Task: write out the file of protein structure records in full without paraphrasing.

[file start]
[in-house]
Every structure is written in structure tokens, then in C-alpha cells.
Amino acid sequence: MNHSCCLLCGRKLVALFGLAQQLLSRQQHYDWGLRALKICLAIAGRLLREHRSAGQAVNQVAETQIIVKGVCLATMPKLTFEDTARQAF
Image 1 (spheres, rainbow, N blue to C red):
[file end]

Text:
[in-house]
Every structure is written in structure tokens, then in C-alpha cells.
Amino acid sequence: MNHSCCLLCGRKLVALFGLAQQLLSRQQHYDWGLRALKICLAIAGRLLREHRSAGQAVNQVAETQIIVKGVCLATMPKLTFEDTARQAF
Image 1 (spheres, rainbow, N blue to C red):